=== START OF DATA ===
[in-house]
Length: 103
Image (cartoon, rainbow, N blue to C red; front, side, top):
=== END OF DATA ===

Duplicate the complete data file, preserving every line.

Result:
[in-house]
Length: 103
Image (cartoon, rainbow, N blue to C red; front, side, top):